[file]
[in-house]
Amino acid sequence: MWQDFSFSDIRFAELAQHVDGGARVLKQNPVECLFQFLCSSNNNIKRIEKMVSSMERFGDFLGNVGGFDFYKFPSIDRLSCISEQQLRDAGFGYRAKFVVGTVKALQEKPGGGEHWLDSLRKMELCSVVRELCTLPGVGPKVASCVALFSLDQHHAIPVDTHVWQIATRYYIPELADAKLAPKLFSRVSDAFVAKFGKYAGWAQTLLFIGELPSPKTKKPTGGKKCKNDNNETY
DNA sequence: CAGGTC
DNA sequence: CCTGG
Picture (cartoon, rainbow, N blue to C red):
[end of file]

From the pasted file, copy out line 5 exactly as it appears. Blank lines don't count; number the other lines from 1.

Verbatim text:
Picture (cartoon, rainbow, N blue to C red):